“Your honor, as you know, I have already pled guilty to the charges against me, but I appreciate this opportunity to provide some background for my actions, so that they may be judged within the fuller context I will here provide in explaining that on the night of April 24, after a long shift not selling cars at Ford West, a dealership in Bellflower, I drove home through a slight drizzle to San Pedro, stopping by The Port Hole, a small bar just up the street from this courthouse, where, between approximately midnight and 1 a.m., I consumed a gin and tonic, a bottle of Budweiser and a Kamikaze shot, and, deeming the day’s sulk complete, exited to what had become a rather heavy downpour and walked toward my truck for the short drive to my apartment, along the way encountering a very wet African-American man, in his early 30s, asking for bus money to help him get to Torrance, to whom I responded, motivated simultaneously by benevolent empathy and a bluff-calling cynicism regarding his disposal of any funds presented, by offering a ride instead, a proposal that he, to my chagrin, accepted, so we took the Harbor Freeway northbound to Torrance, driving for the most part in silence through the steadily increasing rain, a quiet interrupted a few miles into our journey when I noticed my cell phone’s absence from its customary place in the cup-holder of the truck’s center console, reflected briefly on its possible whereabouts, determined my passenger the likely culprit and asked if he had taken it, an accusation vigorously denied, occasioning a conversational impasse repeated several times as we neared the Anaheim exit and I decided, in a glaring instance of panicked irrationality, that the best plan was to return to San Pedro and sort things out there, a course of action inauspiciously begun by my skidding over water pooled on the off-ramp, losing control, spinning completely around and crashing into a guardrail, after which, buoyed by an adrenaline-spiked cocktail of fear, anger, uncertainty and, one can reasonably assume, alcohol, I resumed driving, made a left on Anaheim, passed under the freeway and pulled onto the southbound on-ramp, a reversal that tipped the balance of panic toward my passenger, turning his indignation into desperate cries for release, to my lingering shame perfectly justified had he not stolen my phone, a (to my mind) unlikely scenario whose nevertheless legitimate possibility has provided much of the emotional impetus for my guilty plea, and as his appeals to be let out and my insistence that he first return the phone got louder, I again lost control of the truck, spun out and crashed into another guardrail, whereupon the engine died, my passenger exited and ran off into the night, and, after several failed ignition attempts, I walked to a nearby gas station, called 9-1-1, reported that I had wrecked my truck in the course of being robbed, requested a tow truck and returned to the scene to stand in the rain and await the highway patrol and tow service, both of which arrived within the time it took me to smoke a single, soggy cigarette, which the officers were kind enough to let me finish while explaining what had happened, an account quite similar to the one here provided, in response to which the officers administered a field sobriety test, an examination I feel I handled quite competently, although my assessment differs from that of the proctors, who decided to take me in for further testing, a turn of events I accepted cooperatively, to such an extent that the officers conferred and deemed me a suitable first arrest for Officer-in-Training Johnson, who then handcuffed me, read me my rights, helped me into the back of his patrol car and drove to the Harbor Division Station, where the breathalyzer registered my blood-alcohol content as .1 percent, just above California’s legal limit of .08 percent, I congratulated Officer Johnson and wished him a successful and safe career, went through the remainder of the booking process, including the confiscation of my driver license, and spent the night in a communal cell, following which I was released to a long walk home and the realization that with my license suspended until the date of this court appearance, my tenure as a car salesman was effectively over, then a few hours later took a taxi to the impound lot, where the tow-truck driver, upon hearing my story, had a sudden inspiration, asked for my phone number, dialed it on his cell phone and by pretending to be a police officer investigating a murder committed by the phone’s registered owner, a rather odd deceit perhaps itself illegal, ascertained that the man who answered “sounded black,” was unwilling to identify himself or how he had come into possession of the phone and had no interest in returning it, hardly conclusive evidence that my suspicions were correct, and not nearly enough to assuage my conscience, but heartening news nonetheless, after which the tow-truck driver took me and my truck to an auto shop, where it was soon determined that the vehicle had suffered irreparable structural damage, and having spent all my money on the taxi, impound fees and tow truck, I began another long walk home and the month-long course of reflection that has filled my waking hours between that day and this, an honest, careful consideration of the past failures in judgment that ultimately brought me here, beginning with my excessive consumption of alcohol, which from now on I intend to moderate, and extending to the selfish and self-defeating choices I have childishly surrendered to under its influence—such as getting behind the wheel after drinking, such as magnifying the dangers of driving while intoxicated by inviting someone else to ride with me, such as leaping to conclusions and endangering the life of a stranger who may have simply been in the wrong place at the wrong time—and leading into the less important but still pressing calculations of how to pay for the graduate studies I am set to begin this September at the University of Chicago, an expense I planned to offset with my car sales earnings, but which presently seems quite daunting, particularly in light of the fees and fines associated with a conviction for driving under the influence, costs I humbly request your leniency in determining, and, finally, expanding to a broader contemplation of my future, the responsibilities I must embrace to become the kind of person I want to be, and how best to ensure that my decisions and actions always reflect the lessons I have learned from this experience, the sum of which I hope you will consider as you formulate your sentence.”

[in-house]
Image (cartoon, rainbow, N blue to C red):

Maybe that’s what I would have said had the courthouse clerk found my name on the docket. She looked over my summons, then, after several phone calls, deduced that the officers hadn’t filed charges with the District Attorney and told me I was free to go.

About the Author

John Nosco

John Nosco lives in New York and is a student at Columbia Law School. "Apology" is the seventh chapter of "Damage," a collection of experimental autobiographical essays.